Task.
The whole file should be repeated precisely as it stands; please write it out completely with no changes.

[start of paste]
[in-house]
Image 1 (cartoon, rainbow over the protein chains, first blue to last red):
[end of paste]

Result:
[in-house]
Image 1 (cartoon, rainbow over the protein chains, first blue to last red):